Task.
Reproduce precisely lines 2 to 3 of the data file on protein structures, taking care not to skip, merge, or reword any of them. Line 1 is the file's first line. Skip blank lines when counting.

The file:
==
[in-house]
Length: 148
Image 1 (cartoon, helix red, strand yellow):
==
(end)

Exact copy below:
Length: 148
Image 1 (cartoon, helix red, strand yellow):